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Friday, October 25, 2013

Baby Squish : 32 Weeks

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Um. Hi. Let's just talk about that not only am I in that last line in the countdown, but I'm also two weeks into it. And I won't hit the last week. So....yeah. We're definitely in the final stretch. Going by lunar months, which I prefer since it makes you sound like you're further along than you are, I'm 8 months pregnant (then you spend a month at 9 months pregnant, and theoretically hit ten months at 40 weeks) (SHUT UP IT'S MATH).  In a week and two days, I'll be able to say I'm due NEXT MONTH. In three weeks I'll hit the 35/35 milestone, in five weeks I'll be full term, and eight weeks  I'll be having a kid. Whoa.

(Ugh, I hate my hair in that second pic. WTF.)
Last time I was pregnant, I didn't really start to get uncomfortable until the very end. It started around 35 weeks and I don't think it got bad until 37 or 38 weeks. While the majority of this pregnancy has been equally easy, for the last week or so I've had this intense pain around the pelvic/pubic bone. I don't know if it's the whole "hip bones separating" thing happening early or if it's because she's hanging out so low or what (she's been head-down the last couple appointments) but it's definitely uncomfortable. Some days are worse than others - there were a couple days there I couldn't move very easily from one position to another, but yesterday and today it seems to have improved massively (maybe she's not head down anymore?). 

I feel like all I do anymore is complain about all the things I have left to do, but seriously: I should probably have more done than I do right now. Literally, all I've done is buy a couple winter outfits, get out Carys's newborn and 0-3 clothes, and hang them up. There's also a new ceiling fan up in the "nursery." I kind of have paint colors picked out.  Oh! And I found a dresser on Craigslist. 

I still need to: Sand the nursery, paint the nursery, pull up the carpet in the nursery, have new carpet put in, find a crib, paint the rocking chair (for some dumb reason I want white furniture in this room and the rocker is currently black), re-upholster the rocking chair, paint the nightstand (came with the Craigslist dresser, but is seriously banged up), see if my mother-in-law will make a crib skirt and possible crib sheets, figure out how to actually decorate the walls in the nursery and procure goods to do so, wash all the used clothes and diapers, wash and sanitize all the bottles and pump parts, get the baby gear (bouncer, swing, tub, etc) out of storage and get it all cleaned up and ready to use, sign up for and attend a sibling class for Carys, deep clean the house, and I'd LOVE to get the carpets in the whole house replaced, but I doubt that will happen pre-baby (we had the carpet in the basement and Carys's room replaced before she arrived, so all that's left are the remaining two bedrooms, the living room, hallway, and stairs).  Oh, and before ANY of that happens Chris needs to finish cleaning out the nursery and we need to sell/give away the headboard and dressers that are in there now.  I'm sure there are things I'm forgetting. You know, like narrowing the list of names down from 30 to maybe 5? Forget one final name. I'll take just having less than a dozen on our list.  GAH.  I need a new diaper bag too. And a maid. And a cook. WHINE WHINE WHINE first world problems WHINE WHINE.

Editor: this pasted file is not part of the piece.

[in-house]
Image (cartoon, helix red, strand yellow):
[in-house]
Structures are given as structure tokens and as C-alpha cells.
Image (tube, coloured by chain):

(I know we still theoretically have plenty of time with seven or eight weeks left, but with so much to do to prepare for the holidays, it cuts a lot of that time out. And I also know some of that stuff can easily wait until after she arrives, but am I really going to feel like doing any of it with a newborn and a toddler? Doubtful. I'll probably be curled into a ball in a corner for most of the first year....)

Wednesday, October 16, 2013

Des Moines Trip Number 432

Since my mom moved to Dubuque, we go to Des Moines several times a year to meet her in the middle.  We always have a good time and have done everything from the Botantical Gardens to the Science Center to the Blank Park Zoo, but I usually don't take my "nice" camera with us.

This trip, I knew we were going to Living History Farms and anticipated some good photo ops, so I packed it along.

And holy crap am I glad I did, because OMG BABY PIGS.

But before I go on a baby-pig-splosion, I'll backtrack and start from the beginning. Reading it will be worth it because there will be MORE AND MORE AND MORE BABY PIGS. And then you'll die.

We rented a wagon (just $4!) for the day and Carys was thrilled. We have a wagon but don't get it out nearly enough.  She loved laying down in it and pretending to sleep.

And yes, I did dress her for the part in this coral (not pink! I swear!) dress and little ankle boots. 

To do the full tour of the farms, you take a tractor-pulled cart up to the beginning of a trail. Along the trail, you get to experience three different working farms from three different eras - an Ioway Indian farm the early 1700s, a log cabin pioneer farm from the 1850s, and a horse-powered farm from the early 1900s.  You then end in a town from 1875, with a number of stores, a schoolhouse, and a mansion.

We started on the trail, and she was SO excited to see the farms - when the first farm wasn't immediately visible after getting off the cart she almost cried with disappointment. We had to keep telling her, "It's right up here! Just around this corner!"

Watching the person playing the Native American hand-weave a belt.